A comprehensive evaluation of rodent malaria parasite genomes and gene expression

Thomas D. Otto, Ulrike Böhme, Andrew P. Jackson, Martin Hunt, Blandine Franke-Fayard, Wieteke A.M. Hoeijmakers, Agnieszka A. Religa, Lauren Robertson, Mandy Sanders, Solabomi A. Ogun, Deirdre Cunningham, Annette Erhart, Oliver Billker, Shahid M. Khan, Hendrik G. Stunnenberg, Jean Langhorne, Anthony A. Holder, Andrew P. Waters, Chris I. Newbold, Arnab PainMatthew Berriman, Chris J. Janse

Research output: Contribution to journalArticlepeer-review

195 Citations (Scopus)


Background: Rodent malaria parasites (RMP) are used extensively as models of human malaria. Draft RMP genomes have been published for Plasmodium yoelii, P. berghei ANKA (PbA) and P. chabaudi AS (PcAS). Although availability of these genomes made a significant impact on recent malaria research, these genomes were highly fragmented and were annotated with little manual curation. The fragmented nature of the genomes has hampered genome wide analysis of Plasmodium gene regulation and function. Results: We have greatly improved the genome assemblies of PbA and PcAS, newly sequenced the virulent parasite P. yoelii YM genome, sequenced additional RMP isolates/lines and have characterized genotypic diversity within RMP species. We have produced RNA-seq data and utilised it to improve gene-model prediction and to provide quantitative, genome-wide, data on gene expression. Comparison of the RMP genomes with the genome of the human malaria parasite P. falciparum and RNA-seq mapping permitted gene annotation at base-pair resolution. Full-length chromosomal annotation permitted a comprehensive classification of all subtelomeric multigene families including the 'Plasmodium interspersed repeat genes' (pir). Phylogenetic classification of the pir family, combined with pir expression patterns, indicates functional diversification within this family. Conclusions: Complete RMP genomes, RNA-seq and genotypic diversity data are excellent and important resources for gene-function and post-genomic analyses and to better interrogate Plasmodium biology. Genotypic diversity between P. chabaudi isolates makes this species an excellent parasite to study genotype-phenotype relationships. The improved classification of multigene families will enhance studies on the role of (variant) exported proteins in virulence and immune evasion/modulation.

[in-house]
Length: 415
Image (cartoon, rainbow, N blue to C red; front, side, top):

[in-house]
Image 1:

Original languageEnglish
Article number86
JournalBMC Medicine
Issue number1
Publication statusPublished - 2014
Externally publishedYes


  • Genomes
  • Genotypic diversity
  • Multigene families
  • Phylogeny
  • Pirs
  • Plasmodium berghei
  • Plasmodium chabaudi
  • Plasmodium yoelii
  • RNA-seq


Dive into the research topics of 'A comprehensive evaluation of rodent malaria parasite genomes and gene expression'. Together they form a unique fingerprint.

Cite this